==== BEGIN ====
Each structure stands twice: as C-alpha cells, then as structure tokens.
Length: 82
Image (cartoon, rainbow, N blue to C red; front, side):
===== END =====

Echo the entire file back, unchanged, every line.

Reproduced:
Each structure stands twice: as C-alpha cells, then as structure tokens.
Length: 82
Image (cartoon, rainbow, N blue to C red; front, side):